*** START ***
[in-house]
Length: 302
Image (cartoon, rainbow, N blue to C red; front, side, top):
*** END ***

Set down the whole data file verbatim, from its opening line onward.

[in-house]
Length: 302
Image (cartoon, rainbow, N blue to C red; front, side, top):